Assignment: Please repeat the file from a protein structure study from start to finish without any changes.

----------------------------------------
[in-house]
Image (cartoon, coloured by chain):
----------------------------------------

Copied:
[in-house]
Image (cartoon, coloured by chain):